Chandigarh: After discus thrower Kamalpreet Kaur finished a creditable sixth at the Olympics, her family in Punjab's Kabarwala village in Muktsar district said that she gave her best, though a medal eluded her.
The 25-year-old Kaur produced a best throw of 63.70m in a rain-interrupted final to end at sixth and equal 2010 Commonwealth Games gold medallist Krishna Poonia's performance in the 2012 London Olympics.
She gave her best. However, rains came down at the wrong time and this somewhat upset her rhythm, her father Kuldeep Singh, a farmer, told reporters at his house after the event.
At the same time, he said they were happy with her achievement.
Kaur, who has qualified for the final as second best on Saturday, was never in the running for a medal in the eight rounds of competition which was interrupted by rain for more than an hour.
She had raised hopes of India's elusive athletics medal after finishing second in the qualification round on Saturday with a best throw of 64m.
Since morning, Kaur's family had been busy receiving guests at home. Villagers and family members had remained glued to TV sets to catch Kaur's action in Tokyo.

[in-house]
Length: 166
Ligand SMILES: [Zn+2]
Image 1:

Her mother Rajinder Kaur had confined herself in a room and been praying since morning.
During the day, Rajinder had told the media that her daughter rang her up in the morning and told them to pray for her success.
Sensing that she was a bit nervous on the big day, I tried to make her comfortable and said that the entire country is praying for her success. She said that she would do her best to make the country proud, said Rajinder.
Kuldeep said that to reach the Olympic stage, his daughter had worked very hard.
Even on days when she would be unwell, she did not leave her practice and continued her light practice, he said.
I supported her all through and we did not allow financial constraints to come in the way of her dreams.
Kaur's younger brother is pursuing B.Com degree from a college at nearby Malout.
Kaur had said recently that she was earlier reluctant to pursue a career in athletics, considering the poor financial condition of her family and her mother's initial opposition but took it up as her farmer father supported her.